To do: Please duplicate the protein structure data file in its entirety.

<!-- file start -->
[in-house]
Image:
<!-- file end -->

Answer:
[in-house]
Image: